‘Hostile Architecture’ appears on Woodstock Road

Local News News

Extra armrests had been added to a bench on Woodstock Road, where it is believed a homeless man was sheltering. The instalments were spotted on Monday at a bus stop shelter near Somerville College and were part of a suspected bid to prevent rough sleepers from using the bench to sleep on.

Oxford City Council, which owns the bench, has denied any involvement in the installation of the bars, noting that the bench already has three armrests – one on each end and a third in the middle – that are “part of inclusive design as they provide extra help for older people and people with mobility issues.”

A statement from 20th January by councillor Linda Smith reads that “These arm rests were not installed by Oxford City Council or Oxford Direct Services and we are removing them today.”

The statement continued to include the council’s current measures and plans to tackle Oxford’s homelessness crisis, adding “We believe that nobody should have to sleep rough in Oxford… We are planning to spend £7.4 million on preventing and reducing homelessness in 2020/21 and are transforming the way we deliver services.”

Whilst the bars have since been removed by the council it is still unknown who had them installed. The unauthorised adaptation was brought to the attention of the council after a member of the public, Sara Livadeas tweeted a picture of it. Regarding the sudden appearance of the bars, Livadeas, who is the CEO of a charity that provides care and support services for the elderly and adults with learning disabilities, told The Oxford Student,

“On Sunday I was cycling into town when I noticed the armrests on the bench, so I tweeted it. It’s interesting that the council reacted so quickly. It’s a real mystery who put them there if not the council. Local residents? The university? It’s right opposite a college…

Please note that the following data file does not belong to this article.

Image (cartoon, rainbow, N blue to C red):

“I appreciate the city council do work to help homeless people (we pay council tax for it, they are not doing us a favour). However, I do not believe we should behave in a punitive way towards homeless people, who for whatever reason, do not accept council help and therefore sleep out in the street.

“Anyway I’m thrilled that the arm rests have been removed and that my tweet had such a positive and powerful effect.”

Adding bars to public benches is part of a concept known as ‘hostile architecture’ – a design strategy to stop ‘anti-social behaviour’, which includes rough sleeping.

However, typical ‘hostile architecture’ designs – often including sloping windowsills and studs on flat spaces – also affect those people who rely on public spaces more- like the homeless and young people.

According to Oxford city councillor Shaista Aziz, many examples of ‘hostile architecture’ can be found throughout the city. She mentioned examples such as the extra armrests that were added to benches near the Westgate Centre when it was first built, and the rounded seating on Cornmarket Street, a feature which makes it harder to sit down.

The incident highlights the concerning rise of homelessness in Oxfordshire over recent years. A total of 51 people were found to be rough sleeping according to a council street count in September last year, 15 more than were counted during the same month in 2018.

The disturbing trend can also be found in nationwide statistics. There were an estimated 726 deaths of homeless people registered in England and Wales in 2018, according to a report released last October by the Office of National Statistics. The 22% mortality rate rise from 2017 is the highest year-to-year increase since their time series began. However homeless charities across the country believe that the true total could be higher.

In an article for The Guardian, pathologist Sebastian Lucas explains that “Ultimately, registration delays, uncertainties over place of death and how thoroughly the deaths are being investigated should make us cautious about the accuracy of the statistics: the homeless mortality problem may be even more serious than we think.”

Image Credit: Sara Livadeas, Twitter